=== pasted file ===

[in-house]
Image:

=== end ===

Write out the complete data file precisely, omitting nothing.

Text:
[in-house]
Image: